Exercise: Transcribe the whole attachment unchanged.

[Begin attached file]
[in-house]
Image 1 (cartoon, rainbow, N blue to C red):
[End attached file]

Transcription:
[in-house]
Image 1 (cartoon, rainbow, N blue to C red):